Many of our teaching academics are also research active and participate in industry-renowned research and publication outside of the University’s specialist centres. This may be in the form of collaborations with partner institutions or fellow academics, independent works, or participating in large research groups.
Our academics are known for their contributions to the various canons of their specialisms, and are often invited to be key notes speakers at conferences around the world.
To read more about the research activities of Buckingham’s staff, please visit our Staff Directory to view our academics and their work.
- Department of Economics and International Studies
- 6 July 2017
Juan E. Castañeda & Tim Congdon, “Have central banks forgotten about money? The case of the European Central Bank, 1999-2014”, in T. Congdon (ed.), Money in the Great Recession: Did a Crash in Money Growth Cause the Global Slump? (Cheltenham: Edward Elgar, 2017), ch.4
The Great Recession could have been avoided if quantitative easing (to boost the quantity of money), rather than the increase in capital ratios, had been pursued earlier. Read more
- Department of Psychology
- 15 June 2017
Katherine Finlay & J. Elander, “Reflecting the transition from pain management services to chronic pain support group attendance: An interpretative phenomenological analysis”, British Journal of Health Psychology 21.3 (Sep 2016), 660-676
This study aimed to investigate the decision-making processes involved in the choice to attend a chronic pain support group (CPSG) following discharge from a Pain Management Programme. Read more
- School of Law
- 31 May 2017
Sarah Sargent, “Rights and reparation: An assessment of the UNDRIP’s contribution to American Indian land claims”, in S. Sargent & J. Samanta (eds), Indigenous Rights: Changes and Challenges for the 21st Century (Buckingham: University of Buckingham Press, 2017), pp.88-115
This chapter considers the effectiveness of the UNDRIP on resolving long-standing land claims by American Indians. Read more
Sarah Sargent, “Truth and Consequences: Law, Myth and Metaphor in American Indian Contested Adoption”, Liverpool Law Review (2017) 38: 47.
This article considers the effects of the operations of myth and metaphor on law through a comparison of a United States Supreme Court decision and a novel that deal with the contested trans-racial adoption of an American Indian child. Read more
- School of Law
- 26 April 2017
Patricia Covarrubia & Lisa Albani, “Cultural expressions: the intersection of culture and intellectual creations – Fado as a case study”, (2017) Intellectual Property Quarterly 1, 29-51
The inscription in 2011 of Fado, a Portuguese music genre, on the Representative List of Intangible Cultural Heritage (ICH) of Humanity has given to it a worldwide recognition as a cultural expression. Read more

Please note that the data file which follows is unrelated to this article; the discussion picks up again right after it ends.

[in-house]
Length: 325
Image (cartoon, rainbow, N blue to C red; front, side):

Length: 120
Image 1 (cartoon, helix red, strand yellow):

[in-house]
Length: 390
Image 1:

- School of Law
- 19 April 2017
K. Yelden, S. Sargent & J. Samanta, “Understanding the decision-making environment for people in minimally conscious state“, Neuropsychological Rehabilitation (2017)
Read more in our Publication of the week section (19 April 2017).
- School of Law
- 13 April 2017
Jocelynne A. Scutt (ed.), Women, Law and Culture: Conformity, Contradiction and Conflict (Basingstoke: Palgrave Macmillan, 2016)
This book explores cultural constructs, societal demands and political and philosophical underpinnings that position women in the world. Read more
- BCAB (Buckingham Centre for Astrobiology)
- 20 March 2017
David H. Krinsley, Barry DiGregorio, Ronald I. Dorn, Josh Razink & Robert Fisher, “Mn-Fe-enhancing budding bacteria in century-old rock varnish, Erie Barge Canal, New York”, Journal of Geology (March 2017)
The authors calculated the growth rate of rapidly forming rock varnish found on rocks on the Erie Canal in Western New York State in the USA. If microbes are creating varnish on Mars in a similar way, any organic material entombed within it should be able to be detected by analyzing the manganese oxides by the Mars Science Laboratory organic analysis instrument known as SAM. Read more
- Department of Applied Computing
- 15 March 2017
O. Al Okashi, H. Du & H. Al-Assam, “Automatic spine curvature estimation from X-ray images of a mouse model”, Journal of Computer Methods and Programs in Biomedicine 140 (March 2017), 175–184
This paper proposes a fully automatic solution for spine segmentation and curvature quantification from X-ray images of mice. Read more
- Department of English
- 6 March 2017
Nicholas Cambridge, “Sewage Treatment”, William Shipley Group for RSA History Occasional Paper 31 (2017), 21-59
Croydon was one of the first towns to apply the Public Health Act and this paper describes how a local Croydon doctor, Alfred Carpenter (1825-92), decided that the best way to deal with the town’s sewage was by sewage irrigation. Read more